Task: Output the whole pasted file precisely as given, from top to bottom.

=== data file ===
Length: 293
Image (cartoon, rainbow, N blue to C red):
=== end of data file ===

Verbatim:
Length: 293
Image (cartoon, rainbow, N blue to C red):